opening at 4 p.m. and music beginning at 5 p.m.
“We’ve got a killer lineup this year,” Kik enthuses, “Samantha Robbins,
Joshua Davis of Steppin’ In It, Mike Shimmin who drums with Starlight Six,
Red Sea Pedestrians and Millish. We’ve also got Seth Bernard and May
Erlewine, Gifts or Creatures (a folk duo out of Lansing), and Airborne or
Aquatic headlining.”
The event, reportedly one of Short’s busiest days of the year, also
donates a percentage of every beer sale to ISLAND; a silent auction that
includes food, art, handcrafted goods, and business donations is also on
the schedule, to help contribute even more monies to ISLAND’s good works.
“I think this is going to be one of the highest-energy benefit concerts
we’ve ever had,” Kik says, “plus, for people who know me, the highlight
will be that I’ll be back in full handlebar mustache mode - a rare thing,”
he laughs.

IN ALL SERIOUSNESS…
For all of Kik’s jovial nature and joking around, he and his wife’s
enthusiasm, along with all of their co-ISLANDers, focuses quite seriously
on making the most of Northern Michigan’s natural resources.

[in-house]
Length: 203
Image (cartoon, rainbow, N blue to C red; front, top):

“We want to help grow our rural economy by supporting small farms,” Kik
begins, “we want to bolster the culture of our region by supporting
world-class artists - both those in our region and from around the world.
And we want to help people become native to place - that means rebuilding
a culture that is fully connected to the ecology, history and culture of
here. It takes generations to make that happen, but it’s the only useful
response to climate change, environmental destruction and declining energy
resources.”
The best ways to get involved with ISLAND, Kik explains, are to, first of
all, attend the benefit concert as a means of musical (and fun)
introduction. Volunteers are also welcome to help with ISLAND projects,
and plenty of workshops are available via their events calendar (online at
www.artmeetsearth.org.) And, of course, donations are always welcome for
this tiny but determined non-profit.
“Every dollar gets squeezed to make this ambitious slate of programs
work,” Kik smiles, “we live in one of the greatest places in the world,
and we want to give back to the community here.”

For tix/info on the ISLAND Benefit Concert, set to take place on April 16
at Short’s Brewing Company in Bellaire, visit www.artmeetsearth.org,
telephone them at 231-480-4515, or follow them on Twitter @art_earth.